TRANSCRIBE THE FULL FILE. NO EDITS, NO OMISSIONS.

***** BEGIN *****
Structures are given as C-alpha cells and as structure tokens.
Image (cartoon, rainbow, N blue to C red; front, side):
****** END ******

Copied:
Structures are given as C-alpha cells and as structure tokens.
Image (cartoon, rainbow, N blue to C red; front, side):